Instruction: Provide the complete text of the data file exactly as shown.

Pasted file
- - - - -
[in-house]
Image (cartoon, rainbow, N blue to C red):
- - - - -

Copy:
[in-house]
Image (cartoon, rainbow, N blue to C red):